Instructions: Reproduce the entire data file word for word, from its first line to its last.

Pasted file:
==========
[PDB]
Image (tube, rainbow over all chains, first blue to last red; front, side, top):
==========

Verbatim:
[PDB]
Image (tube, rainbow over all chains, first blue to last red; front, side, top):